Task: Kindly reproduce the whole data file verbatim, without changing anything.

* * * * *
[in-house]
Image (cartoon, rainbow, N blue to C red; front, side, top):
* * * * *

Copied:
[in-house]
Image (cartoon, rainbow, N blue to C red; front, side, top):